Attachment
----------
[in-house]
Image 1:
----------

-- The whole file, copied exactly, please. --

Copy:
[in-house]
Image 1: